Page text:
The Pixel 6 Pro still has things prior models did, like the Recorder app, which I find pretty handy for recording and transcribing interviews. There’s also the Personal Safety app, which can do things like detect if you’re in a car crash, share your location with loved ones in an emergency, and even offer to shoot your location to someone if you fail to check-in at a designated time — handy for things like hiking or walking at night.

Pixels also get new features regularly, thanks to the quarterly Feature Drop updates. So far, The Pixel 6 Pro has picked up ultra-wideband support, Live Caption for transcribing voice calls, new languages for its Live Translate interpreter mode, and tons of smaller tweaks. The Feature Drop updates aren't just some minor perk; they're a legitimate benefit to Pixel ownership with changes you can look forward to.

I can gush about the things I like in the Pixel 6 Pro’s software for ages, but not everything is good. For one, I’m starting to resent the lower density Google’s aiming for. My eyesight is still pretty good up close, and the new quick settings menu is frustrating to use sometimes. While I thought having big text labels might make it faster to find what I need, any convenience there is offset by the fact that I have only four buttons accessible from my notifications and eight when expanded. I regularly use more than eight quick settings toggles, so I’m constantly shuffling through multiple pages looking for things, which gets annoying fast and wastes more time than I'd like. Google’s new extended screenshot tool is also pretty buggy — when it works, it’s great, but it seems to have a lot more corner case issues than the sort of messier systems Samsung and OnePlus had in the past, which Google engineers at one point called a "hack."

I’m also not a fan of the new power button shortcut for the Assistant, where long-pressing the button now triggers the Assistant instead of the power menu. And I get it, Google wants to follow Apple and Samsung on this with a one-button shortcut to its voice assistant, but I prefer having my power button control the power with added functionality at best bolted on — though you can thankfully revert it back to triggering the power menu in settings. One thing you can’t bring back, though, is Android 11’s handy combination smart home, contactless payments, and power menu. Sure, you can access that stuff from separate shortcuts on the lockscreen or quick settings, but I liked that all-in-one menu and the ease of single-button access. Following Apple and Samsung blindly here was a mistake.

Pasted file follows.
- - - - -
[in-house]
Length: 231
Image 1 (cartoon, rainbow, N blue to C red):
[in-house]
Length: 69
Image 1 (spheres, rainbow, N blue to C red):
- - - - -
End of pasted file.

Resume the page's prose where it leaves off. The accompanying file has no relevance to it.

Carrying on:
Probably the worst thing about owning a Pixel is the double-edged sword updates have proven to be, inexorably tied to the issues the company just can't seem to fix. In February, I was among those affected by the Wi-Fi issues introduced with that patch, causing Wi-Fi to repeatedly turn off. Not being able to connect to your home network is a severe issue, and Google didn't fix it until the end of March — that update itself was delayed. A similar issue happened in December, where owners that jumped on that patch reported repeated signal loss and dropped calls. Again, Google was late with a fix in January.

Android 12 on a Pixel might be a nice overall experience, but Google has consistently and repeatedly dropped the ball when it comes to fixing problems on the Pixel 6, and plenty remain, including Bluetooth-related bugs, poor cellular signal strength, broken support for external DACs, among a longer list of issues we've had to maintain. Frankly, there are so many individual problems, and some of them are so severe, we debated outright pulling our recommendation for the phone. But so far, the number of people affected by these issues seems very small, so instead, we caveat all this with a warning: You might run into issues with the Pixel 6 Pro, and some of them can be frustratingly significant. If broken features and bugs in your workflow are a serious concern, steer clear. Updates have not always been a good thing for the Pixel 6 Pro, and by teaching customers to fear them, Google is making one of the biggest mistakes it possibly can.


Hardware requirements for the Pixel 6 Pro's software features, many of which leverage resource-intensive AI-based workflows, must be pretty high. Many of the Pixel 6 Pro’s new software features (especially in the case of the camera) won’t be coming to older devices, probably because of just how much AI juice you need to do them. Thankfully, Google’s new Tensor chipset is up to the task.